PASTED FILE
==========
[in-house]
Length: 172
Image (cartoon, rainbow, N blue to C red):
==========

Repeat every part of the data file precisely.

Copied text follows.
[in-house]
Length: 172
Image (cartoon, rainbow, N blue to C red):